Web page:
Monday, June 16, 2008


Some of you might have noticed a new feature on my blogs today: the etsy pics on the sidebar.  After months of procrastination, I finally got around to adding them.  

I bring this too your attention to 1) shamelessly plug my online store, and 2) (more importantly) highlight my personal attempts at micro-business in my own life.  

For those of you stopping in for the first time, I have been talking a bit this past week on micro-business, and how I think it just might have fantastic potential for those who would like to opt out of the traditional workforce (such as stay-at-home moms, housewives, artsy-types, entrepreneurs, and the like).  To read previous posts on what micro-business looks like, and why we need it to balance out our current economy, scroll down.  

There are a lot of reasons to be attracted to micro-business, certainly.  In this post, I thought I'd share my personal testimony of how I got to be such a fan.  It started years ago when, as a young woman (okay, "younger" being a relative term), I started to think about what kind of woman I wanted to be as an adult.  Since I was raised in an evangelical culture, there was a lot of emphasis placed on raising children and cultivating strong marriage and family relationships.  I admired that tradition, but was searching for more.  Yes, I wanted (and still want) to be a mother, but I wanted some labor outside of that as well.  Interestingly enough, I found a description of what I wanted to be like in an unlikely place: the Bible.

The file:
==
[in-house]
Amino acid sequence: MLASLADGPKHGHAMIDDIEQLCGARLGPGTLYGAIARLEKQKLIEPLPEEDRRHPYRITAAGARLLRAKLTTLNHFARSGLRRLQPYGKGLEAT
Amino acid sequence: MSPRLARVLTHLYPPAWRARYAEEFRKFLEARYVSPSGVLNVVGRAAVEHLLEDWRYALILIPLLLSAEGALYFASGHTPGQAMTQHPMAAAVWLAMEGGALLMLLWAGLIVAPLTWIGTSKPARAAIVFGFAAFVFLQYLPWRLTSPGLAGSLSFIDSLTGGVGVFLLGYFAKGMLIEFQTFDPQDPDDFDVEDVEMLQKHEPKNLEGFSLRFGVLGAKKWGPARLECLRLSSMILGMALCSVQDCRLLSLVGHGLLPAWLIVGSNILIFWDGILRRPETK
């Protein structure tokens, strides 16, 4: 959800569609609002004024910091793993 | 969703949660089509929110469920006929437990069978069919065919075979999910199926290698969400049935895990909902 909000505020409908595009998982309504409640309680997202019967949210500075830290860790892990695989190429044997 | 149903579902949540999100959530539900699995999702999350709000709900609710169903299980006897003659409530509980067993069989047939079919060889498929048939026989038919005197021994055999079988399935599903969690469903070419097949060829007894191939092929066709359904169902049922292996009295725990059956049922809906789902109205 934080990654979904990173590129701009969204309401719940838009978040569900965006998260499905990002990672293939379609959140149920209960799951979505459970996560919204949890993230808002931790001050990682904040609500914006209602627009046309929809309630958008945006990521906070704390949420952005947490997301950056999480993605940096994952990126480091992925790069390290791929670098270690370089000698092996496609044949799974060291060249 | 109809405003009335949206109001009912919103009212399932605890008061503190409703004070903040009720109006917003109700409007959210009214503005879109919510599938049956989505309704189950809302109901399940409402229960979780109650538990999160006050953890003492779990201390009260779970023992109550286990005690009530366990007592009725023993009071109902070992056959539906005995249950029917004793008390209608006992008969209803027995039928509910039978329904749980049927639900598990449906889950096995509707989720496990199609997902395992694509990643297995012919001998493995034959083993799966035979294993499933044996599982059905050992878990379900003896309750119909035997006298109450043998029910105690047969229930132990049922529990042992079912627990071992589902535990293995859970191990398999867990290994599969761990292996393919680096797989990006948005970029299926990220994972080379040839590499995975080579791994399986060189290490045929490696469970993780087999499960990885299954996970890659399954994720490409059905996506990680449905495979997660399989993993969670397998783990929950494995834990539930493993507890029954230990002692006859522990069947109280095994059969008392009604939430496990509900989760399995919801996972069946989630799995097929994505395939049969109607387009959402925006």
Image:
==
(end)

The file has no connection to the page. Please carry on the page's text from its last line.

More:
Now, I won't preach to you, I promise.  But I will say that tucked somewhere in the middle of ancient proverbs and poetry, there is this woman who was praised for being a good mother, a faithful wife and a kind neighbor.  Incidentally, she's also an impressive entrepreneur.  So impressive that she has enough profits left over from her business (you guessed it--it was a micro-business) to invest it into real estate.  

As a young college graduate, I found myself wanting to emulate this woman.  I had always gravitated toward my creative skills, and figured that they could be taken to the market if I was willing.  Needless to say, it took me almost a decade to even get my feet wet with this plan.  Why?  For many of the same reasons that you might be afraid to pursue micro-business.  One, it's scary.  I'm terrified of failure, and usually have to give myself regular pep talks just to start the day.  Two, it's financially challenging.  Turning a profit takes awhile (I'll tell you when I've finally jumped that hurdle!), and until you do, it can seem like an exercise in futility.  Three, it is unconventional.  Going against the economic grain (like we discussed last Friday) can attract skepticism, and (even worse) criticism from others.  So, what got me to eventually take the plunge in spite of these obstacles?  Basically, the potent misery of daily working in a job I disliked.  

That brings me back to the new etsy sidebar.  I figure that in spite of slow beginnings and regular fear-induced pep talks, operating my own mini-business with its accompanying flexibility is better than what I was previously doing.  Better for me, and maybe even better for my community in the long run.  I hope that it is a success, because then I will be able offer even more encouragement for those of you contemplating the same.

Speaking of that, tune in this week as I talk more on this topic, specifically how micro-business can be good for your household and neighborhood.  And as always, please send me emails with feedback and/or stories of your mini-business.

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